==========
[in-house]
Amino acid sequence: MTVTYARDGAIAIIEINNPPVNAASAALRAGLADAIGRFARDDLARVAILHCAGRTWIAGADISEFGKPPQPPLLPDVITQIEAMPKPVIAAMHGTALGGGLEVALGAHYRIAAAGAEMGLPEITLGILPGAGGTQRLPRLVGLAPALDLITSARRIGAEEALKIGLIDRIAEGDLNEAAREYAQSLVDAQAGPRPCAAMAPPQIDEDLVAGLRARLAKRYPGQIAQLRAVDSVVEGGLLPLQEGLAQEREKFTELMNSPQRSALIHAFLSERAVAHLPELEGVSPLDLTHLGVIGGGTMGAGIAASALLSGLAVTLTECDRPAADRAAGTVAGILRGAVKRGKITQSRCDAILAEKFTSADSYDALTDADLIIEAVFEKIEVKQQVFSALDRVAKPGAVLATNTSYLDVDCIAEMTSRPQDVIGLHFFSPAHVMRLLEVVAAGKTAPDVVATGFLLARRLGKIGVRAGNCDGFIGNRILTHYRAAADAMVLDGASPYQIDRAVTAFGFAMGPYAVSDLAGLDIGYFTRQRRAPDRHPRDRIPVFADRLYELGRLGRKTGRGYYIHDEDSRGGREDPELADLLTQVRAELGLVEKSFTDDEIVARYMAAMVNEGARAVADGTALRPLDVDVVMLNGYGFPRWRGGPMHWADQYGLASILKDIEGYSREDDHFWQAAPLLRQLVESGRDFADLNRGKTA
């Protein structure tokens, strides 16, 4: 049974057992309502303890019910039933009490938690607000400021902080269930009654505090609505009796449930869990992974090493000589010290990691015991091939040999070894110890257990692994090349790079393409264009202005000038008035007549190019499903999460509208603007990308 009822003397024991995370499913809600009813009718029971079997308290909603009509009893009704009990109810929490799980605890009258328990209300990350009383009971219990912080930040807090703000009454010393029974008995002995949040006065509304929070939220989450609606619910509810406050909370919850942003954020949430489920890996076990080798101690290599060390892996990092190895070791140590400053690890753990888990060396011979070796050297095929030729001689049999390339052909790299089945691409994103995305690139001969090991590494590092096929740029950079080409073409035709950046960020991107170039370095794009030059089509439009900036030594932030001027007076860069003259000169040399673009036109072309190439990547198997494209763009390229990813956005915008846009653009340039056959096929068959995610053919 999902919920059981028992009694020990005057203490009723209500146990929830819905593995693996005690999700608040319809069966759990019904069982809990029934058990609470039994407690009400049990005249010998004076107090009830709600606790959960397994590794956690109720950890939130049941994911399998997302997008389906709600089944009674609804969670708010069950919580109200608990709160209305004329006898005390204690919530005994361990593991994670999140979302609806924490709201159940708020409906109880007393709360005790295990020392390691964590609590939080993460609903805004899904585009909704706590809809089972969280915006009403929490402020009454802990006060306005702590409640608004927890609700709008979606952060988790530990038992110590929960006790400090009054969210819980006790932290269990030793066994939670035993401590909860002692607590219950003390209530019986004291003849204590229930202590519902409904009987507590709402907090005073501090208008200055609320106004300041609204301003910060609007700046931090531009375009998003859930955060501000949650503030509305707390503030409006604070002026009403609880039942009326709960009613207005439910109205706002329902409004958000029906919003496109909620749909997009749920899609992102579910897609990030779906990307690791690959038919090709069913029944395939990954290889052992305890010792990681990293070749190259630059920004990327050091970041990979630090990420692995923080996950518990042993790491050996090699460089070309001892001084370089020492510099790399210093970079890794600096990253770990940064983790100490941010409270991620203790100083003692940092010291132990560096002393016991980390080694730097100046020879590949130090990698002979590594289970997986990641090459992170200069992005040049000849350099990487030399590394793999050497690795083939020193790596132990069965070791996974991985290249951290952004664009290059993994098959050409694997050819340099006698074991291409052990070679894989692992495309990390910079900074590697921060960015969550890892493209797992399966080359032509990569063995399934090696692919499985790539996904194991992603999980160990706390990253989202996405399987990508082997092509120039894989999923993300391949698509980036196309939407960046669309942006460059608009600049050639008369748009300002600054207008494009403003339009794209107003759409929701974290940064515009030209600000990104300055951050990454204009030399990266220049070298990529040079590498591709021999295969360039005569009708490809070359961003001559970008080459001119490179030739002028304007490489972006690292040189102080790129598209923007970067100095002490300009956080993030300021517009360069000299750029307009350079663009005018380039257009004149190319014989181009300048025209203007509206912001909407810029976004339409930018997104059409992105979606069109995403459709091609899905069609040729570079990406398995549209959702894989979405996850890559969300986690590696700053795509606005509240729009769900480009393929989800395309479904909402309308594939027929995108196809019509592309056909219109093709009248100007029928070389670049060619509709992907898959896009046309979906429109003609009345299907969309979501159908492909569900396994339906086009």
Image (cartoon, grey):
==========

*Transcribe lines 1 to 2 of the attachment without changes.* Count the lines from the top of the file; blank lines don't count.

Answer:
[in-house]
Amino acid sequence: MTVTYARDGAIAIIEINNPPVNAASAALRAGLADAIGRFARDDLARVAILHCAGRTWIAGADISEFGKPPQPPLLPDVITQIEAMPKPVIAAMHGTALGGGLEVALGAHYRIAAAGAEMGLPEITLGILPGAGGTQRLPRLVGLAPALDLITSARRIGAEEALKIGLIDRIAEGDLNEAAREYAQSLVDAQAGPRPCAAMAPPQIDEDLVAGLRARLAKRYPGQIAQLRAVDSVVEGGLLPLQEGLAQEREKFTELMNSPQRSALIHAFLSERAVAHLPELEGVSPLDLTHLGVIGGGTMGAGIAASALLSGLAVTLTECDRPAADRAAGTVAGILRGAVKRGKITQSRCDAILAEKFTSADSYDALTDADLIIEAVFEKIEVKQQVFSALDRVAKPGAVLATNTSYLDVDCIAEMTSRPQDVIGLHFFSPAHVMRLLEVVAAGKTAPDVVATGFLLARRLGKIGVRAGNCDGFIGNRILTHYRAAADAMVLDGASPYQIDRAVTAFGFAMGPYAVSDLAGLDIGYFTRQRRAPDRHPRDRIPVFADRLYELGRLGRKTGRGYYIHDEDSRGGREDPELADLLTQVRAELGLVEKSFTDDEIVARYMAAMVNEGARAVADGTALRPLDVDVVMLNGYGFPRWRGGPMHWADQYGLASILKDIEGYSREDDHFWQAAPLLRQLVESGRDFADLNRGKTA